For the information of our readers who are not familiar with the early colonial scheme of settling Texas with American colonists when it was a province of Spain, we will give a short sketch of the man in whose brain it originated and the various causes which led to it. Moses Austin was a native of Connecticut, born at the village of Durham in 1767. When a boy he went to Philadelphia, and in 1787 he married Miss Maria Brown. His brother, Stephen, was then at the head of an important house in Philadelphia, and Moses Austin soon after his marriage took charge of a branch house in Richmond, Virginia. In a few years the brothers purchased Chizzel’s lead mines in Wythe County, Virginia, and Moses Austin took charge of the enterprise. At that place on the 3rd of November 1793, Stephen Fuller Austin, the future colonial empresario of Texas, was born. Two other children lived to maturity and came to Texas, James Brown Austin and Emily M. Austin. James died of yellow fever at New Orleans in August 1829. Emily married twice, first James Bryan, and after his death James F. Perry.
In a few years the Philadelphia and Richmond house of the Austins failed, which also involved the loss of the lead mines. At this time reports came of rich lead mines in upper Louisiana (now in Missouri), which attracted the attention of Moses Austin. The territory then being under the dominion of Spain, he procured a passport from the Spanish minister to the United States in 1797 and visited that region, and secured from the governor, Baron de Carondelet, a grant of a league of land covering the site where the town of Potosi, Washington County, Missouri, now is, and in 1779 removed there with his family and formed the first American settlement in that section.
He prospered in mining and other pursuits for some years, dispensed a liberal hospitality, and enjoyed an enviable character. But again disaster came. The failure of the Bank of St. Louis swept away his accumulations and left him almost destitute of means, having freely surrendered everything to his creditors. He was now fifty-three years old and began to look around for a new field of enterprise. His residence of twenty years in Missouri had made him familiar to some extent with Spanish laws and methods of administration, and he had also acquired considerable knowledge of Texas through the reports of Captain Pike and others, who, in 1812 and 1813, served under Magee and Perry, and from trappers and Indian traders. In possession of such knowledge and animated by an enterprising spirit, his mind naturally turned to Texas as a field in which to build up his shattered fortunes. With a forethought justified by results, he conceived the idea of founding a colony of his countrymen in the trackless wilderness of Texas. Traveling by land on horseback, he made the long and perilous trip to San Antonio, Texas, where he arrived on the 23rd day of December 1820. Here, however, as soon as his presence and mission were known, Governor Antonio Martinez ordered him to quit the country, as he had violated its laws by entering the Province of Texas without permission of the Spanish King. This was a sad blow to the exalted ideas of Austin in regard to his colonization of the rich lands of Texas east of San Antonio, and he wearily and in much despondency commenced making his preparations to re-turn home, when, fortunately, he met with the Baron de Bastrop, whom he had known in New Orleans and who was now a member of the municipal government. To him Austin explained the peaceful object of, his mission, and the Baron warmly espoused his cause and commended him to Governor Martinez as a worthy man and a former subject of Spain, and secured for him not only the good will but the earnest cooperation of the Governor and other authorities of the place, and these in turn recommended his proposed application to settle 300 families in Texas to the favorable consideration of General Don Joaquin Arredondo, Commanding General of the Eastern Internal Provinces, with headquarters at Monterey, Mexico.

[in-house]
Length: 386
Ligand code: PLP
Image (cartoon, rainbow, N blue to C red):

Moses Austin, elated by these prospects of success, in January started on his homeward journey, leaving the Baron de Bastrop with instructions as his representative to look after his interests and inform him as soon as possible of the success of his application should it meet with favor. We do not know who his companions were on this return trip. He followed the old Spanish military road from San Antonio to Nacogdoches, and from there to Natchitoches, Louisiana. It was a severe winter, rains were frequent and the swollen streams had to be crossed by ‘swimming or on rafts. A gloomy beginning for a great enterprise. Finally, however, he reached his home in Missouri. Before leaving for Texas he abandoned a preconceived idea of establishing a farm on Red River to facilitate the passage of immigrants through the wilderness of Arkansas. He, instead, determined to make New Orleans the gateway to Texas. Stephen F. Austin was therefore in New Orleans, having been sent there by his father, with instructions to make such conditional contracts as seemed necessary to provide for the prompt transportation of colonists by way of the Gulf to the coast of Texas.
Moses Austin arrived at “Hazel Run,” the home off his daughter, Mrs. Bryan, with his constitution undermined and a fatal disease permeating his whole system, brought on by exposure to rain and cold in his long journeys. He lingered, however, for some months, but when he saw that his end was near, transmitted to his son the duty of executing his plans, full of promise to after ages, conveyed blessings to the members of his family present, and died on the 10th day of June, 1821.
One historian says of him:
“Noble heart! Great soul! His perpetuation of thy fame needs no stately monolith or monumental pile!”